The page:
Note: Might not seem like a big deal to measure, but most of the time, I’m under some imaginary deadline and I thinking about the next step even before I’m finished the step I’m working on. It’s like flying-on-the-seat-of-your-pants working. Sometimes great ideas come out of it, but, the result is sloppy workmanship.
Using a cordless drill with a 1/8th bit, made a hole in each Z-clamp so it cloud be fit to the IKEA slide rail. Grabbed the 4 amp trusty angle grinder, plugged it into the 1500 watt inverter and fired it up. With the thin cutting blade, it sliced through the metal angle iron no problem. I took my time rounding the edges of the metal, so it didn’t have nasty burrs, to slice my figures.
Once the four Z-clamps were bent and ready, I went up on the roof for sizing the panel the rails. That is when I noticed my oversight. The space left over on the satellite TV dish mount was not enough. About 3-1/2″ too short.. odd, didn’t look like that from the ground. Anyway, it was a minor set back, but I had an idea on how to add an extension arm to the bottom of the IKEA rails. Went and rummaged through my pile of old solar panel mounts from a few years back.
Found two,1″ x 9″ pieces of stainless steel metal with pre-drilled holes. The first thought was to put the two Z-Clamps on the ends and bolt it onto the rail. When I went up on to the roof to do some rough measuring, I noticed the 9″ strips slid nicely inside the rails, sweet!
That worked so much better than the previous idea. To help secure the 9″ strip in the rail, I used a small 1″ carriage bolt with a lock washer and a washer. The lock washer added just enough tension to keep the bolt from sliding out. I went back to the solar panel and measured its width, 13-3/4″. Then I slid the extension arm up into the rail and adjusted it so the panel would sit neatly. Slid in the solar panel side ways and tightened it up. Nice!
It worked out better than I thought, the panel was very secure, but not too much weight for the mount.
The video shows how to make a large, plywood battery box that will hold (10) 6 volt deep cycle batteries. The batteries are used to store DC electricity for a solar or wind turbine system.
The plywood box measures 48″ long x 24″ wide x 15″ tall. It was made from one sheet of 3/4″ Oak plywood. To keep cost down, try to find damaged plywood, I picked sheet for $10.00 (regular price is $66.00 each)
In the past, I have built a smaller box for (4) batteries and it has worked out well.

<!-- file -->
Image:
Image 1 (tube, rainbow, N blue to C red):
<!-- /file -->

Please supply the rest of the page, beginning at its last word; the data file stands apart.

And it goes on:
Below is some of pictures of the build.
Part 2 of this video series is found below
Decided to take the Friday off before the October 24th weekend and get some extra work in at the Cedar Workshop test facility (aka cabin). The plan was also to knock off a few of the items off the “To-Do’s list.
In this video, I show the simply way of changing the angle of a solar panel with common plumbing pipe. Should come up with something more precise, but this crude system has been in use for the last 3 years and it’s been working well.
While I was adjusting the angle, noticed the backing material used on the solar panel was starting to peel off. Used some wonderful tape called Tuck Tape. It is awesome and does well to keep water out. The only negative is it will leave a red colour residue on the item.
Here’s some copy taken from Home Depots website: Tuck Tape is made of UV resistant poly propylene film and is coated with high shear, high tack solvent based acrylic adhesive. Applications include sealing of joints and seams of housewrap, insulation materials and foam underlayments for laminate flooring. Tape has to be pressed firmly on surface and should be applied on clean, dry surfaces.
Background music credit: Runaways, by Silent Partner, YouTube Audio Library
This video covers the typical “To Do List” for someone who owns or maintains a cabin/cottage off grid. You can make plans, but when you finally set foot on the property, you soon discover there’s a lot more that needs to be done. The hardest thing is to stay focused and finish the job you started.